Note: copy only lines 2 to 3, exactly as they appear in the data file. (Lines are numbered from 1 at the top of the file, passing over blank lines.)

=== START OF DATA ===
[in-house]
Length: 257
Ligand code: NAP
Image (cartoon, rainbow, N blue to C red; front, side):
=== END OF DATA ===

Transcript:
Length: 257
Ligand code: NAP